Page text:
In addition to advanced algorithms related to PCS, forward error correction, and nonlinear compensation with neural network-based machine learning a hot research topic, embedded engines are evolving to provide better monitoring and automation. Along with monitoring the optical engines themselves, this advanced monitoring can extend to the wider optical network including the fibre plant, possibly eliminating the need for monitoring devices such as optical time-domain reflectometers. One current example of environmental monitoring with Infinera’s ICE6 is the ability to leverage state-of-polarisation data to give early earthquake/tsunami detection in subsea cables. Automation examples include self-calibration to maximise the transponder data rate based on performance measurements including the available margin. 

Better support for SDM and novel fibre types

One final area of innovation relates to space-division multiplexing (SDM) and novel fibre types. SDM, which offers more fibre pairs and lower capacity per individual fibre but greater capacity per cable within the same cable power constraints, is becoming the preferred approach for subsea cable systems. To maximise performance, optical engines will trade off lower non-linear compensation for improved linear performance. Beyond subsea SDM, as fibre capacity limits are reached in traditional fibres, interest in novel fibre types, including multi-mode fibres, uncoupled multi-core fibres, coupled multi-core fibres, and hollow core fibres, is growing. To optimally support these fibre types, some evolution will be required in coherent optical engines. For example, coupled multi-core fibres will require complex multiple-in multiple-out (MIMO) processing.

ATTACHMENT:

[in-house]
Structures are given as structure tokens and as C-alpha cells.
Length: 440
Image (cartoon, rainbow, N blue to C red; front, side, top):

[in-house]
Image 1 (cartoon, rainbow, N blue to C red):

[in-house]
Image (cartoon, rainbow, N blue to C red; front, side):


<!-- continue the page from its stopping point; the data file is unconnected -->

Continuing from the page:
To summarise, while the coherent optical engine market diverges into a high-performance embedded segment and a power-efficient compact pluggable segment, both segments will continue to evolve. The high-performance embedded segment will deliver some incremental improvements in spectral efficiency, higher baud rates enabling better capacity-reach, advanced monitoring, and automation capabilities, and possibly in the future, support for novel fibre types including coupled multi-core.

Paul Momtahan is Solutions Marketing Director at Infinera